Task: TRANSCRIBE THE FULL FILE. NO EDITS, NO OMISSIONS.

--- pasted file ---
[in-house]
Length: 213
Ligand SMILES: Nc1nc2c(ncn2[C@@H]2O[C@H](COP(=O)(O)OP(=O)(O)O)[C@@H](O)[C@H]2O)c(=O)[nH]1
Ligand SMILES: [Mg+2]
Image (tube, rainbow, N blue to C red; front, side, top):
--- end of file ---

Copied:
[in-house]
Length: 213
Ligand SMILES: Nc1nc2c(ncn2[C@@H]2O[C@H](COP(=O)(O)OP(=O)(O)O)[C@@H](O)[C@H]2O)c(=O)[nH]1
Ligand SMILES: [Mg+2]
Image (tube, rainbow, N blue to C red; front, side, top):